Posted by Jonathan Maus (Publisher/Editor) on August 1st, 2012 at 11:22 am
(Photo © J. Maus/BikePortland)
The Community Cycling Center has finalized their plans to build a ‘Bicycle Repair Hub’ in the New Columbia neighborhood of north Portland. According to a statement released this morning, the CCC will build the facility this month with community-led design charrettes beginning August 20th and final construction expected to be completed 11 days later.
The quick construction turnaround is made possible through a partnership with graduate students from a joint MFA program in Applied Craft and Design at the Oregon College of Art and Craft and the Pacific Northwest College of Art. The Bike Repair Hub will be the graduating class’s intensive design/build project that turns empty spaces into “dynamic and creative learning centers.”
For the CCC, this project represents a major milestone in their ongoing efforts to remove barriers to bicycling faced by ethnic minorities and low-income Portlanders. The New Columbia neighborhood looks a lot different than most in Portland. 70% of the residents qualify as low-income and they come from 22 different countries and speak eleven different languages. Underscoring how this project is related to their “Understanding Barriers to Bicycling” work we first reported on back in 2009, the CCC chose today to release the final report of that project. (We shared the project’s initial findings in April 2010).
to Bicycling Final Report.
– Download PDF –
Unlike the programmatic work of outreach and education non-profits are usually known for, this new bike repair hub is a physical manifestation of the CCC’s efforts to make bicycling accessible beyond the usual suspects.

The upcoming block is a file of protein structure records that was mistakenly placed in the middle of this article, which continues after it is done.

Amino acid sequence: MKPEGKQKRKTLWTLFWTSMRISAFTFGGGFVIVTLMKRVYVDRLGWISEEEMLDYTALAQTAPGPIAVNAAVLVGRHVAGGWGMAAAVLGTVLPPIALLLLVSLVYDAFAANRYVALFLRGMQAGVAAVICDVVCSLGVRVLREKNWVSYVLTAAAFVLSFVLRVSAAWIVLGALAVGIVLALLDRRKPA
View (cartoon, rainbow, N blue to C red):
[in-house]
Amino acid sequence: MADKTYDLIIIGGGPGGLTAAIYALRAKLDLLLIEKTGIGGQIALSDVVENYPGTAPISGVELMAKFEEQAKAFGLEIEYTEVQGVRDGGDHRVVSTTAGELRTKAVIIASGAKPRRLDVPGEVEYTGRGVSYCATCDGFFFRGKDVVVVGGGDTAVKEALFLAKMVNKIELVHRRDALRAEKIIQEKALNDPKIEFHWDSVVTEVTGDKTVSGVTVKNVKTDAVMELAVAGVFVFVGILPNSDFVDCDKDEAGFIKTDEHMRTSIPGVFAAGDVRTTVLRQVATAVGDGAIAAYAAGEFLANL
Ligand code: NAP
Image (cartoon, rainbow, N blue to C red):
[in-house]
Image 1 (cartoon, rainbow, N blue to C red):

“Though Portland is known for being great at many things, including being the best bicycling city in the United States,” reads a CCC press release, “this does not represent everyone’s reality. There are complex and interrelated barriers – including cost, safety, and education – that put bicycling out of reach for many low-income people.”
Alison Graves, executive director of the CCC said today that,
“Since completing our ‘Understanding Barriers to Bicycling Project,’ we have fundamentally changed the way we work… simultaneously removing barriers that build community while showing a different way for bicycle organizations to engage. These collaborations have shifted and enriched our organizational culture, with a focus on diversity and inclusion. This evolution has given us the ability to influence policy investments and ensure equity is a priority.”
So, how exactly will this Bike Repair Hub break down barriers to bicycling? It will provide affordable bike repair and maintenance clinics and it will serve as a meeting spot for weekly bike rides through the neighborhood. The rides will be led by volunteers from We All Can Ride (Facebook), a group of New Columbia residents that serve as the community’s bike committee and that emerged in large part because of the CCC’s presence in their neighborhood.
This project was made possible with support from Bike Gallery, Home Forward, the Portland Development Commission and a $10,000 grant awarded last November to the CCC by national bike advocacy group Bikes Belong.
— Download the Understanding Barriers to Bicycling Final Report (PDF).
UPDATE: Initially, the CCC planned to include a bike skills park and/or a pump track at this location along with the repair facility. I didn’t see any mention of that in today’s announcement so I asked the CCC for a clarification/update. It looks like that part of the project is delayed. Here’s more from the CCC’s communications director Melinda Musser:
“We have plans to build a permanent Bike Skills Park by June 2013 on the same lot as the Bike Repair Hub. We originally intended to build a pump track, however, there were funding and maintenance limitations with the grant for that project. We are currently working with the We All Can Ride bike committee and a designer to figure out what the Bike Skills Park will look like. Once the designs have been approved, we will keep you posted on that project.”